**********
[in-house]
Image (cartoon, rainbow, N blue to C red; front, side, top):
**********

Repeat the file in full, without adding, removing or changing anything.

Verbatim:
[in-house]
Image (cartoon, rainbow, N blue to C red; front, side, top):